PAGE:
Thursday, 15 October 2009

Did it become a dinosaur?

Many of you that are visiting this blog will be doing so because you know me and have probably been invited to look or have been told about the site. Some of you will have happened upon this by pure accident whilst “surfing the net”. If you don’t know me, welcome. Hopefully you soon will. Most of you that do know me will also know by now that True Sound And Visual Presentation Limited, better known to yourselves as RJF Audio Visual has ceased to be.

Towards the end we had many problems trying to keep RJF A.V. going:-
Unhealthy competition from the internet and supermarkets had been causing us a few problems for a long period
of time, which were gradually getting worse. Much of the product available from these people is just cheap and nasty (no wonder we have a landfill problem), but even when they do get hold of something worthwhile, all they seem to want to do is trash the price thus undermining the quality of the product. You will notice that a good many internet companies come and go. This is because their operators seem to have no real business acumen and have no visible profit margin to be able to sustain their operation. We saw this sort of behaviour 10 or so years ago with, for example, mobile TV repair men – “No call out charge”; “No estimate fee”; “No repair, no charge”. All that happened at the end of the day was that as soon as the van needed a new MOT they went out of business, having made insufficient profit to pay for their own repairs!

The supermarkets and “sheds” are using electrical goods as “loss leaders”. All the supermarkets want to do is attract you through the door, they know once you’re inside, you’re going to fill a trolley with groceries. After all, why would you go somewhere else once you’re inside? The sheds, on the other hand, like to sell insurance – fear of high breakdown costs. Don’t forget that you are protected through the lifetime of the product by the Sale of Goods Act. You should not have to buy a breakdown policy in order to resolve a potential high cost repair situation.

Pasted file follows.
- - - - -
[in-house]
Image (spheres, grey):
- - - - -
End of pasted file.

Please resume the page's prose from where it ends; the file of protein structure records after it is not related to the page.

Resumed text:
All of the above gave us problems with customers who had bought from these sources. Repair of low cost items is often futile in the rare instances that it is actually possible. Often products are designed in such a way and with such cheap components that they will not last very long. These items will not stay repaired! Another major frustration in trying to repair these things is that most frequently they are sourced from a third world location at very low cost by the seller themselves. These sellers are not geared up for service: they don’t have repair workshops, so why on earth should they purchase un-necessary items such as repair manuals and spare parts? The truth of the matter is that well designed, good quality, higher priced items, very rarely go wrong (and the manufacturers are very often willing to issue much longer warranties than their cheaper counterparts). Within a very short time span the number of worthwhile repairs coming into our workshops had been reduced by a crippling 90%! Ultimately we had to all but close this service as it was simply not paying its way.

Here's a typical problem caused by cheap components. The electrolytic capacitors (larger dark blue/grey items) on this PCB have become swollen and leaked corrosive electrolyte onto the board. Secondary failures will have occurred and there is much damage to the PCB itself, as well as other components. This unit is now a write-off. It cannot be repaired successfully. The worst-case scenario of this type of failure that I have encountered was a £1,000 Techwood Plasma TV. The control unit for this product was actually a separate item from the screen and yet it could not be purchased separately despite the fact that the screen was useless without it. The product was less than six months old and technically under warranty. In this instance the seller had a service department but the owner was fobbed off with the suggestion that his cat must have peed into the control box! My inspection revealed the true cause. The control unit was a large, complex piece of electronics with scores of capacitors, most of which were exhibiting this problem.